In place of family, Dr. West and Dr. John Ingle, dean of the USC dental school from 1964-72 whose early efforts launched the campaign to have the Medal of Honor bestowed, accepted the award from the president May 1.
"I am so impressed that John Ingle, Bob West, [and additional USC dental alumni who fought for the award's presentation] Bill Ridgeway and Bill Dahlberg were caught up with the idea of 'doing the right thing,' " commented Dr. Slavkin. "It became a moral imperative, that this man who was so brave, valiant and wouldn't be around for this recognition should receive this award. They invested thousands and thousands of their personal hours into accomplishing this."
Capt. Salomon's Medal of Honor will reside at the Army Medical Department Museum in San Antonio, Texas, on display with remembrances of other great heroes in the department, and his name will be enshrined in the Hall of Heroes at the Pentagon.
A replica of the medal will go to the USC dental school. Dr. Slavkin said they already have a place for it in the Learning Center.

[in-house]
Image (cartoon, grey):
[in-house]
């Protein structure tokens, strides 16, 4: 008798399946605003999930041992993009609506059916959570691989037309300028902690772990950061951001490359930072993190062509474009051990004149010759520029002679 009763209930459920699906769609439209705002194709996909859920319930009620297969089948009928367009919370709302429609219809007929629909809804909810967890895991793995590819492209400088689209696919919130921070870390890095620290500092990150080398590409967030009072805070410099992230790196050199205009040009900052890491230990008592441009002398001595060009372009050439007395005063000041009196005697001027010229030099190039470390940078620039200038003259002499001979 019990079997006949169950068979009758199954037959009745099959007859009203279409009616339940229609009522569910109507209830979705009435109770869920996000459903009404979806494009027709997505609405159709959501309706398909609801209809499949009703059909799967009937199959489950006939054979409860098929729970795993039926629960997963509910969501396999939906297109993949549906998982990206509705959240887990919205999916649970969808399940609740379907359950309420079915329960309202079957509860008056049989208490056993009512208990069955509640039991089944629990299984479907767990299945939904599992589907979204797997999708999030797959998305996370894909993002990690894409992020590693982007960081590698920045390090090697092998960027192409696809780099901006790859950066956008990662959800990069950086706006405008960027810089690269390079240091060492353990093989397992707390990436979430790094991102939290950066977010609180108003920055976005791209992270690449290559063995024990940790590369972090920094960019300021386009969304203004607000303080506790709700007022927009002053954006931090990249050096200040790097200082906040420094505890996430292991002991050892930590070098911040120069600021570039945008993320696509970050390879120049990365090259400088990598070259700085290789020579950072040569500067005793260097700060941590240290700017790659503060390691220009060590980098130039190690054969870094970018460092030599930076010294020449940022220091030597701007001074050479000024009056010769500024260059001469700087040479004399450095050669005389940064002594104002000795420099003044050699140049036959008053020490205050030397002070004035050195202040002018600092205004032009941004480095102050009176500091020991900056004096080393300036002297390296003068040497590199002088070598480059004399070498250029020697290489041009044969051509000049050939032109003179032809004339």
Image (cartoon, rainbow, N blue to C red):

Plans are under way to develop educational tools on Capt. Salomon for future generations of students.
"There are some very important issues that we'd like very much to amplify through Ben Salomon's memory," said Dr. Slavkin. "There are core values to propagate, such as character and doing the right thing. Educational tools will enable people to look at this through the prism of a young student who doesn't have the intellectual or emotional connection to the Depression or World War II."
Maj. Gen. Sculley, who retires this month, is gratified to have had the award presented on his watch.
"When I first heard of Ben Salomon, I was captivated by the story," he said. "When I became chief of the Corps [in 1999], I resolved I was going to do something about it."
A dental clinic was dedicated to Capt. Salomon's memory at Fort Benning, Ga., in 1978. Maj. Gen. Sculley said the clinic will be rededicated next month to mark Capt. Salomon's receipt of the Medal of Honor."We always talk about Army dental officers having a dual career," he said. "That of dentist and officer. I think that Ben Salomon, more than any other officer, epitomizes that dual profession. He was a great dentist and he was a great soldier. He was a healer and peacemaker, but he was also an awesome warrior when the nefarious deeds of his enemy caused him to take up arms."